Stock Market Smarts: How to Deal with Investments in a Bear Market

Fingers crossed we’ve seen the worst, but don’t hold your breath. Here, what you need to know about investing in today’s market.

It’s been a dismal year for stocks so far. As of Feb. 24, all the major indexes in New York were down, many overseas indexes had posted double-digit declines, and the Toronto Stock Exchange had briefly dipped into bear market territory (a drop of 20 per cent or more from the previous high).

Fingers crossed we’ve seen the worst, but don’t hold your breath. Recent projections from the OECD have sharply reduced the outlook for the global economy this year and cut the projection for Canada to 1.4 per cent. If the forecast is correct, any market rebound may be short-lived.

That means a lot of good companies are selling at bargain prices but investors seem too spooked to buy. For a while, there was more than a whiff of panic in the air as fears grew of another 2008.

Conditions today are nowhere near as grave as they were then, but investor psychology and market momentum can create a perfect storm that can drive indexes down much more than rationality would dictate.

A bear market is the most difficult time in any investment cycle and coping with it requires four qualities that are often difficult to muster in these situations. They are:

securityPrudence. Good portfolio construction is critical in these periods. The older you are, the higher the percentage of your assets that should be held in fixed-income securities like GICs, bonds, and the funds that invest in them. I have repeated this so often that everyone must be sick of reading it, but I don’t apologize. Too many people still have a higher equity weighting than is prudent in their circumstances. If you’re in that situation, start the rebalancing process now.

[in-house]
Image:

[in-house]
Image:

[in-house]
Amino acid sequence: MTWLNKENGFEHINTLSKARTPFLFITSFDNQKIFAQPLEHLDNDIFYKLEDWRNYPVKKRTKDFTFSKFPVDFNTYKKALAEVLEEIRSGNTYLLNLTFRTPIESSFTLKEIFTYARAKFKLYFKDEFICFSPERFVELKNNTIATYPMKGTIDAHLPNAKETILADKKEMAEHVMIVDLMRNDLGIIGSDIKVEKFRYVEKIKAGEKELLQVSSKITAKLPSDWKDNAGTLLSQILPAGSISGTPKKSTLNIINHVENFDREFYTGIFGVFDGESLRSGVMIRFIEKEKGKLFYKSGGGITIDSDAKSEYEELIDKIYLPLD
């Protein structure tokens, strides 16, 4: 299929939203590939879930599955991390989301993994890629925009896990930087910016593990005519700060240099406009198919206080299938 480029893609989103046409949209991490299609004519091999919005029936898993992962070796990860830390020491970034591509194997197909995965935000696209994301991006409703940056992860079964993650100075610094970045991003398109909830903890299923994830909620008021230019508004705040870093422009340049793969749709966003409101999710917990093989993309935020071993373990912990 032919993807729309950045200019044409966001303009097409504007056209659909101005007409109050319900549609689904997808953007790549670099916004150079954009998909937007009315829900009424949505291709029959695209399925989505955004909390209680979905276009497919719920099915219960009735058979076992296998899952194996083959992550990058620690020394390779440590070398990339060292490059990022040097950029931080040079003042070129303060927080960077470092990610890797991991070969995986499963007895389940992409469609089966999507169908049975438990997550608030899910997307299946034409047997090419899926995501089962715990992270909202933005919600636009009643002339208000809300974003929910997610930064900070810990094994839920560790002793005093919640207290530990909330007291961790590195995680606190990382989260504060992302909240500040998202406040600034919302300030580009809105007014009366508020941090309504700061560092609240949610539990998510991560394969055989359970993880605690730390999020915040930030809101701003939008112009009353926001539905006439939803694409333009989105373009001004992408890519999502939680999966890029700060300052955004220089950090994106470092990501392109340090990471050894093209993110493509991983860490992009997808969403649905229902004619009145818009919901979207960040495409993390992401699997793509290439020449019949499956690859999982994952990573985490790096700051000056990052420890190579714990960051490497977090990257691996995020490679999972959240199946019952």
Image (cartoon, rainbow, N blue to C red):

Up next: Courage

courageCourage. It’s tough to stay the course when there is blood in the streets. The natural reaction of investors who see even big bank stocks tumble is to get out of the market at whatever cost. The result is often a fire sale of top-quality securities. The vultures love it! If you’re really brave, add to your positions in quality companies when they’re cheap.

Up next: Patience

patiencePatience. If you’ve put together a portfolio you are comfortable with, this is not the time to tear it down. You need to believe in yourself and stick it out.

 

 

Up next: Optimism

optimismOptimism. Every bear market eventually ends and a new bull begins. It has always happened in the past and it will again this time. And when the new bull starts, it is usually with a bang – think 2009. Remember that if the daily red numbers start to get you down.

 

 

Gordon Pape is Editor and Publisher of the Internet Wealth Builder and Income Investor newsletters. For more information and details on how to subscribe, go to www.buildingwealth.ca.